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Are e-cigarettes a safe alternative to smoking?
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Are e-cigarettes a safe alternative to smoking?
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Are e-cigarettes a safe alternative to smoking?
An electronic cigarette is a battery-operated device that emits a vaporized solution to inhale. Usually, the solution contains nicotine. The aim is to provide the sensation of inhaling tobacco smoke, without the smoke.

These devices have various names, including Vape 300 Kali Hisapan, e-hookahs, vaporizer cigarettes, vapes, and vape pens.

They come in a range of shapes. Some look like USB drives and others look like pens, for example.

Manufacturers market Vape 600 Kali Hisapan as tools for quitting or cutting down on smoking, but the Food and Drug Administration (FDA) class them as tobacco products.

United States federal law does not allow the sale of tobacco products to people under the age of 21Trusted Source. However, a major concern about vaping is its attraction for young people.

Vaping is popular among teens. In fact, it is now the most popularTrusted Source form of tobacco use among young people in the U.S., according to the Centers for Disease Control and Prevention (CDC).

Below, learn what Vape 800 Kali Hisapan contain, how they work, and what research indicates about their risks to health.

In 2019, experts linked vaping with the appearance of a severe lung disease now known as e-cigarette, or vaping, product use-associated lung injury, or EVALI. By February 2020, doctors had confirmed 2,807Trusted Source cases and 68 deaths from this disease, according to the CDC. Investigations are ongoing.
An e-cigarette is a device that may look like a cigarette, a cigar, a pipe, a pen, or a USB drive. The liquid inside may smell fruity, but it can have a high nicotine content.

JUUL devices, for example, look like USB drives. They appeared on the U.S. market in 2015Trusted Source and are now the top-selling brand of e-cigarette in the country.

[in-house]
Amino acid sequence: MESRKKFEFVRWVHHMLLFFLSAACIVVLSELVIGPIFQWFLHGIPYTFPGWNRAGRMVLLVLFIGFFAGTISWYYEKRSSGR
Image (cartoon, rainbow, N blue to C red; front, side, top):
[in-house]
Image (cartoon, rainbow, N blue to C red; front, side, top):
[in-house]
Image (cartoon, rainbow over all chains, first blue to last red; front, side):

There is concern about young people using JUUL. Refills come in flavors such as cool cucumber, mango, and mint, which may seem natural and harmless, but a single JUUL refill contains as much nicotine as a pack of 20 cigarettesTrusted Source.

The electronic cigarette (e-cigarette), for many considered as a safe alternative to conventional cigarettes, has revolutionised the tobacco industry in the last decades. In e-cigarettes, tobacco combustion is replaced by e-liquid heating, leading some manufacturers to propose that e-cigarettes have less harmful respiratory effects than tobacco consumption. Other innovative features such as the adjustment of nicotine content and the choice of pleasant flavours have won over many users. Nevertheless, the safety of e-cigarette consumption and its potential as a smoking cessation method remain controversial due to limited evidence. Moreover, it has been reported that the heating process itself can lead to the formation of new decomposition compounds of questionable toxicity. Numerous in vivo and in vitro studies have been performed to better understand the impact of these new inhalable compounds on human health. Results of toxicological analyses suggest that e-cigarettes can be safer than conventional cigarettes, although harmful effects from short-term e-cigarette use have been described. Worryingly, the potential long-term effects of e-cigarette consumption have been scarcely investigated. In this review, we take stock of the main findings in this field and their consequences for human health including coronavirus disease 2019 (COVID-19).

Electronic nicotine dispensing systems (ENDS), commonly known as electronic cigarettes or Vape 1000 Kali Hisapan, have been popularly considered a less harmful alternative to conventional cigarette smoking since they first appeared on the market more than a decade ago. E-cigarettes are electronic devices, essentially consisting of a cartridge, filled with an e-liquid, a heating element/atomiser necessary to heat the e-liquid to create a vapour that can be inhaled through a mouthpiece, and a rechargeable battery (Fig. 1) [1, 2]. Both the electronic devices and the different e-liquids are easily available in shops or online stores.

Effect of the heating process on aerosol composition. Main harmful effects documented. Several compounds detected in e-cigarette aerosols are not present in e-liquids and the device material also seems to contribute to the presence of metal and silicate particles in the aerosols. The heating conditions especially on humectants, flavourings and the low-quality material used have been identified as the generator of the new compounds in aerosols. Some compounds generated from humectants (propylene glycol and glycerol) and flavourings, have been associated with clear airways impact, inflammation, impairment of cardiovascular function and toxicity. In addition, some of them are carcinogens or potential carcinogens

The e-liquid typically contains humectants and flavourings, with or without nicotine; once vapourised by the atomiser, the aerosol (vapour) provides a sensation similar to tobacco smoking, but purportedly without harmful effects [3]. However, it has been reported that the heating process can lead to the generation of new decomposition compounds that may be hazardous [4, 5]. The levels of nicotine, which is the key addictive component of tobacco, can also vary between the commercially available e-liquids, and even nicotine-free options are available. For this particular reason, e-cigarettes are often viewed as a smoking cessation tool, given that those with nicotine can prevent smoking craving, yet this idea has not been fully demonstrated [2, 6, 7].